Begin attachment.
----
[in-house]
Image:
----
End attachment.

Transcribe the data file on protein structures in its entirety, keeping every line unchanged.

[in-house]
Image: